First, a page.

Lucy Popescu

Muhammad Bekjanov

In Uzbekistan, it is claimed, political prisoners are being tortured to death with boiling water. thrown out of windows to spend the rest of their days as invalids, or forced into mental asylums. There are over 7,500 prisoners known to be suffering the abuse of their human rights. Apparently, gangs of prisoners on criminal charges are sometimes paid to carry out the torture, ensuring the authorities’ hands stay clean. A dissident writer, if not imprisoned, lives outside society with no hope of work or means to sustain his family. Neighbours are made to turn against those in their community who openly practise their religion or write pieces against the government.

Uzbekistan is a former Soviet republic in Central Asia, and declared independence on 1 September 1991. This was endorsed in a popular referendum on 29 December 1991, in which the former First Secretary of the Communist Party, Islam Karimov, was also confirmed as President, with 86 per cent of the vote. Fearing an Islamic revival, Karirnov has limited real democratic development, and genuine opposition parties are not tolerated.

I was recently in Tashkent, attempting to visit writers in prison and their families. My trip was on behalf of the English branch of PEN, the international association of writers, and was funded by the Human Rights Policy Department of the Foreign Office. While I was there, Alisher Ilkhamov, the head of the Uzbek Soros foundation, had a warrant out for his arrest. On 16 April 2004 the foundation, known as the Open Society Institute, was officially closed down and banned: it was blamed for last year’s revolution in Georgia and President Karimov is fearful that something similar may occur in Uzbekistan.

The British Ambassador, Craig Murray, is well known amongst Uzbek dissidents for his outspokenness and criticism of President Karimov. Diplomats from other countries seem to prefer to keep their distance, steering clear of all controversy.

Journalist Muhammad Bekjanov was arrested in March 1999 and sentenced to fifteen years in prison. He had fled to the Ukraine some years earlier but was deported, accused of involvement in a series of explosions in Tashkent. International human rights organisations are convinced that he was arrested partly because his brother is the exiled opposition leader and writer Muhammad Salih, and that the charges were fabricated because of his work on Erk, the opposition party’s newspaper, banned in Uzbekstan since 1994.

The Uzbek Government has hounded Salih, his family and the Erk party ever since Salih stood against Karimov in the 1991 presidential election. He was forced to flee Uzbekistan in 1994 and currently lives in Norway. In 1999 Salih was sentenced in absentia, together with his three brothers, to fifteen years in prison.

In the early 1990s, Bekjanov worked alongside Salih, publishing Erk. By the time of the Tashkent bombings in 1999, he was living in the Ukraine and was no longer involved with the opposition. Although Bekjanov was aware that the Erk party had been accused of organising the explosions, he did not expect to be arrested. He told the Institute of War and Peace Reporting (IWPR): ‘If I had been responsible, I would have left Kiev, but I stayed there, and on March 15 I was arrested and later extradited to Uzbekistan.’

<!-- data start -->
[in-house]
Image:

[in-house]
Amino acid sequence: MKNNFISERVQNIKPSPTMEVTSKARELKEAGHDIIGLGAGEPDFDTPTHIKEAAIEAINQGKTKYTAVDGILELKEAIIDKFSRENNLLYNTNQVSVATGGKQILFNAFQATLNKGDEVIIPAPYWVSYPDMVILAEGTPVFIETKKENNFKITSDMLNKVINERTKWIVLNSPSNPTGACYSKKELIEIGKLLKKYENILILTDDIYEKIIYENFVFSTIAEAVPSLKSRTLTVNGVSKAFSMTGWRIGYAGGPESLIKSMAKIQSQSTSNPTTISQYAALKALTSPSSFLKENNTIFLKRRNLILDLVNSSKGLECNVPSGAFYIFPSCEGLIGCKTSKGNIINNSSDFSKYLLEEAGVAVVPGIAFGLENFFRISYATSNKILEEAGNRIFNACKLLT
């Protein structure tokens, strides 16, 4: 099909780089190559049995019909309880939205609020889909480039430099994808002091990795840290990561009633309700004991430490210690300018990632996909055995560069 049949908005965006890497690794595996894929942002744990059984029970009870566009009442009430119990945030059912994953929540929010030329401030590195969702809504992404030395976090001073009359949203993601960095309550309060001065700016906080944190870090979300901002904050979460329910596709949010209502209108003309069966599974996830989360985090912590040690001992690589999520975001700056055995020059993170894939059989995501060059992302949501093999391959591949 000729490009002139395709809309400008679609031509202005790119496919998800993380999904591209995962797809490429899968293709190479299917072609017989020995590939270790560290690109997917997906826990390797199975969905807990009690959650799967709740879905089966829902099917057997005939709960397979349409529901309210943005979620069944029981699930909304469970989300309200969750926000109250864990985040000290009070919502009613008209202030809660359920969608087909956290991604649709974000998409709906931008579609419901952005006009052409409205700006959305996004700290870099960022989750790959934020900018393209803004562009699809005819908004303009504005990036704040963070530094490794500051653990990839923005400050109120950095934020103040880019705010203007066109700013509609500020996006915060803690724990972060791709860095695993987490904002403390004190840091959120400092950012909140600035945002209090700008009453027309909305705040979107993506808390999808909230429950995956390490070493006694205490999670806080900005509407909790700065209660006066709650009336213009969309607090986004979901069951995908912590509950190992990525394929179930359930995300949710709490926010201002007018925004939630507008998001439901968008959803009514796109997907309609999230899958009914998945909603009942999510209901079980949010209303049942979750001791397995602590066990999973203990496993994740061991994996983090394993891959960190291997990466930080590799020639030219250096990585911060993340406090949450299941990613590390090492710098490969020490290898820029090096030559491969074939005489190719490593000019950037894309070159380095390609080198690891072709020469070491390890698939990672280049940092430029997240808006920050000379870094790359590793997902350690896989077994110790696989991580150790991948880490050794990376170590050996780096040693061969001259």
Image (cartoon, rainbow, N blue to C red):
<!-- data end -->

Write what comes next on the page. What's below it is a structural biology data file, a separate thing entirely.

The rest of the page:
Held in appalling conditions, Bekjanov contracted tuberculosis and is currently detained in one of the worst prisons in Uzbekistan. TB is endemic in Uzbek prisons and, in an attempt to stop it spreading further, the authorities have herded all infected detainees into Kagan prison, in the Bukhara region.

On 18 June 2003 representatives from IWPR were permitted to visit Bekjanov in a prison hospital in Tashkent, and he gave his first interview since his detention. He told them that as a result of torture in prison he was now deaf in his right ear and that his leg had been broken. In spite of his ill health, Bekjanov was defiant. tellinng IWPR that he intends to continue his work fir the political opposition when he is released.

Further evidence of Bekjanov’s innocence came to light in December 2003 when Zayniddin Asqarov, a political leader in the Islamic Movement of Uzbekistan (IMU) and the lead witness in the prosecution of Bekjanov, told a press conference that he had given evidence after torture. He had been told that if he testified against Salih and his brothers he would spare others from arrest and an Islamic religious leader would be released. Despite Asqarov’s retracting his allegations and the international appeals that followed this extraordinary turnaround, Bekjanov remains in prison.

Bekjanov’s Ukrainian wife, Nina, has now been in the United States for four years, thanks to the help of the United Nations humaitarian &airs office in MOSCOW. She called me last week and is hoping to return to Uzbekistan to visit her husband, but-has-no idea if she will be allowed into the prison. The authorities reduced Bekjanov’s sentence by two years but the fifty-year-old still has another eight years left to serve. Given the harsh conditions and torture he has to suffer, one can only continue to lobby in the hope that this courageous writer comes out dive.

Uzbekistan is keen to develop relations with the EU and its government is sensitive to international opinion and bad press. Readers can send appeals asking for the immediate and unconditional release of Muhammad Bekjanov to:

President Islam Karimov
C/O HE Tukhtapulat Tursunovich Riskiev
Embassy of the Republic of Uzbekistan
41 Holland Park Road
London W11 3RP
Fax: 020 7229 7029

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